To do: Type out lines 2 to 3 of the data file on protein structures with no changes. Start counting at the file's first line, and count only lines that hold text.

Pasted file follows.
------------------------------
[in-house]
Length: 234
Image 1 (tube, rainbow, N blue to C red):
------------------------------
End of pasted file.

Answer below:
Length: 234
Image 1 (tube, rainbow, N blue to C red):